Message from Prof Phil Grange


Wow! What an utterly superb performance of The Marriage of Figaro last night.  The singing from both soloists and chorus was superb, and the wonderfully clear diction allowed us to hear every word. The acting was spot on, and the fact that you got so many laughs from the audience when it was appropriate is testament to a very well developed sense of timing.  The orchestral support was everything it needed to be, and the conductors should be congratulated on fantastic direction and control throughout.  The production was also superb; clearly a huge amount of consideration had been given to every detail, from set design and props to costumes and lighting.  Finally, the direction and choreography involved in placing the singers in the best possible positions on stage was done with consummate skill.

All the staff who attended were seriously impressed by the professionalism, commitment and enthusiasm of all those involved in last night’s production, both on the stage and back stage.  Indeed, I have had an email from every one of them saying that they wish to indicate how stupendous they thought it was, and also one from Rebecca saying how delighted she is that it was such a success and how disappointed she is not be able to see it.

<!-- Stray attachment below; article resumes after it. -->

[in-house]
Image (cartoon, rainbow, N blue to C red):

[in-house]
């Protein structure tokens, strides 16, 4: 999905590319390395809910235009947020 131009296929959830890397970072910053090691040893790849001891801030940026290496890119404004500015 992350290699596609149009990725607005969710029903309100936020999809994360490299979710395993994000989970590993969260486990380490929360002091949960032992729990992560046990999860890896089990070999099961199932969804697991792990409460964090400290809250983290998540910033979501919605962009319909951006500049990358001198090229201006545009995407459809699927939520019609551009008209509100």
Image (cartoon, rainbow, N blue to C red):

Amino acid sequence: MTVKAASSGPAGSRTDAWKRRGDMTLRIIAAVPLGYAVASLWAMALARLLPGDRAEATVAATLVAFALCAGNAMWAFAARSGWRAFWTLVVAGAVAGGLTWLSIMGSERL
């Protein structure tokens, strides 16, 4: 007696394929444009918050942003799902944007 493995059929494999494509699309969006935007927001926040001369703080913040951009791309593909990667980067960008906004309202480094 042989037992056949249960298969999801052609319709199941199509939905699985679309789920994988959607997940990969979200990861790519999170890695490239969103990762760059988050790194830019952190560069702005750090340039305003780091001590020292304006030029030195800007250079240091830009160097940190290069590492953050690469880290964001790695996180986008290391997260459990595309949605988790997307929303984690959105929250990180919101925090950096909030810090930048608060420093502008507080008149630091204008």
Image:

You have every reason to be extremely proud of what you have achieved; we are certainly proud of what you have done.  Last night was a phenomenal landmark in the history of achievements in the Music Department at Manchester University – many, many congratulations!

Phil Grange

Interview with Luke Mather (Antonio)


Who’s your character, Antonio, and what is he like?

Antonio is a misunderstood gardener who has a love of flowers. He also likes to enjoy a glass of wine or three whilst on the job.  Whilst researching my character I found some interesting information… According to one source, Mozart had originally written an aria for Antonio titled ‘Dove Sono I Flori’, in which he laments lost meetings with flowers due to the Count’s cuts to the gardening budget.  However, the aria caused too many cases of depression and insanity in the first few audiences because they connected with Antonio’s situation too well due to the economic climate of the time.  Because of this, Mozart converted the aria into the popular ‘Dove Sono’ sung by the Countess.


Do you have a favourite scene in the show?